Created:Wednesday, November 7, 2012 11:55 p.m.CDT
Updated:Thursday, November 8, 2012 12:02 a.m.CDT

Richmond-Burton coach like sister to Rockets

Richmond-Burton girls volleyball coach Kaycee Kaywood's team will face Jacksonville on Friday at Redbird Arena in Normal in the IHSA Class 3A state semifinals. (Monica Maschak -

RICHMOND – The volleyball court at Richmond-Burton has long been coach Kaycee Kaywood’s home away from home.

Kaywood’s R-B roots run deeper than coaching the Rockets’ varsity team since 2008. Kaywood (nee Kane) graduated from R-B in 2002 after playing volleyball all four years – a setter while in the back row and an outside hitter in the front – and was part of a Rockets squad that won a regional title in 2001, the program’s first in 13 years.

The R-B connection doesn’t stop there with the coaching staff. Assistant Jenny Robison graduated in 2005, the same year the Rockets won their last regional title until R-B’s historic postseason run to the IHSA Class 3A state semifinals this season.

“Everybody always asks me, ‘Why would you want to go back to the high school that you went to? And my simple answer is because I love it and I love the people that work there,” Kaywood said. “I think it has a little impact on the community in that it’s nice to see former students enjoy the school and the experience that they got enough to come back and work here.”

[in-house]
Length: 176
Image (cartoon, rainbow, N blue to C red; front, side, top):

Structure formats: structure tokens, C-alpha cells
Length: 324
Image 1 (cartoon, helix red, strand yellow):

Under Kaywood’s guidance, the Rockets earned their first appearance in the state semifinals, dropping only four matches en route to Friday’s match against Jacksonville at Redbird Arena in Normal.

“She works us hard to make sure we can be the best we can be,” senior outside hitter Alex Callanan said. “She’s like a sister to us; we can tell her anything. ... It’s been a long journey with her.”

The connection she has developed with her players, especially the five seniors, hasn’t gone unnoticed. Many of the Rockets referred to Kaywood as a sister, including senior setter Kara Russell, who, along with her twin sister Kim, have known their coach since she they were young.

“I’ve known her since I was a little kid because she was best friends with my brother, so she’s known us since we were little and now we’re playing for her,” Kara Russell said. “I kind of liked it because I felt comfortable playing for her and I knew her well.”

But don’t mistake a sisterly relationship for leniency on the court. Kaywood and the Rockets set high expectations entering the 2012 season after disappointing postseason performances the previous two years. Although they reached their goal by making it to state, R-B is hardly satisfied, given how far they’ve come with two matches remaining.

Part of the Rockets’ success of finally overcoming past demons resulted from Kaywood revamping practices. Kaywood and her staff created a practice routine that included a focus on basic ball handling skills while incorporating cardio to improve conditioning. Junior outside hitter Ali Frantti described the practices as “harder and more focused,” and it has been exactly what the Rockets needed.

Despite the plethora of praise from her players, Kaywood didn’t want to take any credit for the Rockets’ success.

“Honestly, they don’t need me; they could do this on their own, they really could,” Kaywood said. “I’m just there to get them talking and have them point out what needs to be done and establish some leadership roles. Otherwise, they’ve done it.”